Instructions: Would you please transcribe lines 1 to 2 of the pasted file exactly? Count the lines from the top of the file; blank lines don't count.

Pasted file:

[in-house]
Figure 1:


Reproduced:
[in-house]
Figure 1: